Why did you buy your computer? Or your car?
What made you choose your college? Or Your major?
Hundreds or thousands of hard-earned dollars out of your pocket.
But somehow, the exchange was worth it to you.
And why not the other car?
Why pick the Linux machine over the Windows or Apple system?
How about your significant other?
How did you decide what to eat for lunch today?
The answer to all of these questions is the same.
But first, a few laws of human nature:
- There is no ‘society’. There are no nations of people. Or tribes. Or parties. There is no ‘common good’. There are only individuals, which make up these groups of people. But without individual people, groups cannot exist.
- Individual people will always pursue things, ideas, people, or information that make them happy. This is why groups form. But remember, before a group can exist, there must be individuals pursuing what makes them happy.
- Different things make different people happy. When you eat lunch today, maybe it will be a sandwich, a soda and a bag of chips. And if that’s your lunch, you have decided that will make you happy. To someone else, lunch is a big salad with chicken and an apple. And that’s what makes him happy.
Each person has a limited set of resources with which to pursue happiness:
Given a limited set of resources, each person will, by human nature, choose to use his/her resources in a way that he/she believes will maximize happiness.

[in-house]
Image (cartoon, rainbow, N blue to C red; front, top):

So the reason you drive the car you do and the reason you chose the Apple over the Windows computer is that, given your resources, you decided that those things would bring you more happiness than their alternatives would have.
That is why we make every decision we make – to maximize our happiness.
So what can we do with this information?
When we understand that a person is out to increase his happiness, we can find out what will accomplish that goal and provide it to him.
This is the foundation for success in all human relationships.
When you were shopping for your computer, you might have wanted these things:
- Easy to Use
- Little risk of virus problems
- Runs all kinds of programs and applications
And Apple knew that all of those things would make you happy. So they made them available to you.
You decided that ease of use, reliability and performance were more valuable to you than the $2,000 you had available to spend.
Your happiness (profit) is:
- reliability(time, energy)
- performance(time, energy)
- ease of use(time, energy),
- the ability to produce and communicate (property, time).
Apple’s profit (revenue):
- $2,000 (property)
The key here is that Apple knew what would make you happy and they made it available to you at a price that was less than the happiness you gained.
On the other hand, if you were looking for a very inexpensive computer with an operating system you were familiar with that needed occasional maintenance, a Windows computer probably would have been a better fit.